Hmmmm…it’s not Honor of the Pure which at WW (plus 2 more) is the best comparision (especially because the kick requires TONS of W) but the attrition rate of white decks makes this SORTA appealing. Just sorta. I’ll say this is’nt nearly good enough for constructed. It’s just way too freaking expensive to get anything out of it. (8 mana for two creatures AND +1/+1?? pssshhh, just play [card]Emeria, the Sky Ruin[card] if you need creatures from the graveyard and keep your mana for dropping [card]Captain of the Watch[card] + 1 for Path to Exile)

Perimeter Captain
Creature – Human Soldier
Whenever a creature you control with defender blocks, you may gain 2 life.
“We stand between the jaws of chaos and the mantle of order”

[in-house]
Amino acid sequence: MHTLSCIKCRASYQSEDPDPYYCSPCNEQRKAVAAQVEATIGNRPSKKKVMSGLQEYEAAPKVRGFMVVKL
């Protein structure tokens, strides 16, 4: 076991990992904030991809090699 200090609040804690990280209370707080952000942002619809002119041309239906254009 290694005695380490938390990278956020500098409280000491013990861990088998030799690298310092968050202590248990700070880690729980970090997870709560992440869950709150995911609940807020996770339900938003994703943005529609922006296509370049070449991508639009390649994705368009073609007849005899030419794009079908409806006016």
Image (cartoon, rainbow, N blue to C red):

Rarity: Uncommon
Set Number: #16/145

Again, they’re pushing lifegain in fun new ways. This guy actually fits the bill for the Skies archetype I’ve been obsessing about up until now: it comes down early, stalls the board, and when it finally dies, it usually bumps you up a couple life points, aiding the cause further. I think it’s a good fit for decks that want to stall and/or tie up the board on the ground.


This is a good construction card. The weird defenders have been making a good impression on constructed for the last two…three blocks (from Plumveil to Wall of Reverence to Wall of Denial). This one is actually a little better since it has a big enough butt to matter AND buying more time against the aggro builds that U/W control struggles with. I’d definitly put this in my build. It’s also GREAT in limited, skies decks that leverage Kraken Hatchling to stall the ground but needed a little more to help with that…dang, I like this one.

Refraction Trap
Instant – Trap
If an opponent cast a red instant or sorcery spell this turn, you may pay {W} rather than pay Refraction Trap’s mana cost.
Prevent the next 3 damage that a source of your choice would deal to you and/or permanents you control. Refraction Trap deals that much damage to target creature or player.